There are quite a few procedures that you can do when mass finishing metal. While many of them can be done either wet or dry, you must always do the deburring process wet, which typically gets done using industrial deburring tumblers.
That means that once the entire process finishes, you’ll need to find a way to dry off the metal pieces. If you are unsure how to do that, then this blog post on how to dry parts after mass finishing is just the guide you need.
Leave To Air Dry
The easiest and cheapest way to dry off parts after the finishing process is simply to let them air dry. You can put them into wire totes for the best results, but putting them directly into their respective packing boxes will work as well. The biggest downside to this method is the fact that it can take up to a day for the metal to dry off completely. You could speed up the process with a couple of fans, but you’ll want to avoid that if the goal is to save money.
If you are willing to spend some cash, though, then you’ll want to start by looking into some heated blowers. This is the most basic drying solution, but it’s still quite effective. They work by blowing out a high volume of low-pressure air that focuses on lightly heating the surface of the metal and blowing off excess water. This is all done while the parts move past them on a conveyor belt.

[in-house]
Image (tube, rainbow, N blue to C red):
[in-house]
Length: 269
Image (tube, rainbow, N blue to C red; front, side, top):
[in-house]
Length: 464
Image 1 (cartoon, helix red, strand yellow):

Convective and Infrared Dryers
If you like the idea of using a conveyor belt but want something a little more substantial, then convective and infrared dryers might be your best bet. They are basically tunnel ovens that use much hotter air and stronger fans to get the job done more efficiently. The only caveat is the fact that they have a higher price tag and operating cost.
Heated Corn Cob Dryers
The final suggestion we have for you in our guide on how to dry parts after mass finishing is probably the most effective. It is corn cob dryers. You can get one in either the tumbler or vibratory variety. They work in pretty much the same way as their finishing machine counterparts, except they’re heated and use ground-up corn cobs as their media. These cob pieces are great at absorbing water due to their structure, and they can fit into tiny cracks to suck up all the liquid.
If you want to save some money while using these, we’d recommend getting a tumbler-based one because they use gas heating instead of electric, like the vibratory ones.
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